Volume 14 Issue 5 - June 18, 2010 PDF
Scaffolding Student-Generated Questions: Design and Development of a Customizable Online Learning System
Professor/Chairperson, Institute of Education, College of Social Sciences, National Cheng Kung University
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1. Introduction

Students have traditionally solved teacher-generated questions—questions that teachers think will be of relevance, importance and interest. The call for a shift to allocate some of this responsibility to students, and to diversify the sources of questions that students respond to by allowing students to formulate questions, has been acknowledged by teaching professionals as well as academia. In view of students' inexperience and perceived difficulty regarding question generation, the construction of various mechanisms to support students during the question generation process should warrant special attention.

Under the premise that student question generation activities in large class contexts may be more timely, convenient and logistically feasible if conducted using computer network technology, and that support is better provided according to need and on a case-by-case basis, a customizable online learning environment that accentuates various scaffolding techniques has been designed and developed.

2. Overview of the Customizable Scaffolded Student Question Generation Online Learning Environment

The developed system supports various types of student question generation learning activities that are frequently employed in all levels of educational systems—true-false, matching, multiple-choice, fill-in-the-blank, short-answer, and essay, etc. Moreover, information in the form of graphics, animation, sound, and video, etc. can be imported into the system to complement the text and act as testing stimuli, as deemed appropriate by authors of questions.

This system adopted the conceptual framework proposed by Lin et al. (1999) and employed it with a focus on addressing areas of difficulty for students engaged in question generation tasks. Lin, et al. (1999) suggested four kinds of scaffolding in e-learning environments: reflective social discourse, process prompts, process displays, and process models. For the “reflective social discourse” scaffolding, a separate question assessing and reasoning sub-system was installed to enhance interaction, collaboration and negotiation of meaning between authors of questions and their peers, who act as assessors. A set of built-in criteria embedded in the question assessing and reasoning sub-system are intended to serve as “prompts” for assessors and authors. Additionally, a set of generic question stems coupled with sample questions proposed and proven to enhance peer interaction and learning was built into the system to help students generate higher-order questions (see Fig. 1). To permit “process display,” all artifacts produced during the process are kept in a “learner portfolio” and structured for easy access by use of show/hide buttons embedded in the examined question (Fig. 2). Observational learning spaces are reserved for “process models,” where learners can access exemplary questions during the question generation activity.
Fig. 1. Generic Question Stems and Sample Questions
Fig. 2. Process Display

Finally, since different situations will require different kinds of support (that is, instructor, learner, subject matter, instructional event dependent, etc.), customizability for increased flexibility and variability is essential. The design of the system emphasizes functions and support mechanisms that can be dynamically changed to suit individual instructors' educational goals and instructional plans in different situations in the following dimensions: types of generated question accessible, kinds of sub-systems/functions students have access to, sets of criteria for question-assessment, sets of generic question stems and accompanying sample questions., and user identification display/concealment mode.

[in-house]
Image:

3. A Study of Students' Perceptions of the Usefulness of the Various System Support Mechanisms and its Influence on their Attitudes toward the Educational Potential of Student-Generated Questions

To assess the various built-in scaffolds used to support students' learning activities by means of question generation, a study of students' perceived usefulness of each of the mechanisms was devised. Additionally, considering that perceived usefulness has been found to play a prominent role in the diffusion and adoption of new technology, the relationship between students' perceptions of the usefulness of the scaffolding designs in the developed system, and their attitudes toward the educational potential of student-generated questions, was examined.

The data collected indicated that, by exploiting the capabilities of computers and network technology, the developed system provided a supportive learning environment for student's learning activities regarding question generation. Support features not yet included in other similar systems (including access to generic question stems with sample questions, access to model questions, multiple ways of communication between authors of question and assessors, and the ability to conceal one's real identity by anonymity or nickname, etc.), were confirmed to provide a high level of support. Finally, the regression test results supported that student attitudes were significantly predictive of students' perceived usefulness (β = 0.71).

*For a complete list of references please refer to the paper published in the “Computers in Human Behavior” or contact the corresponding author.
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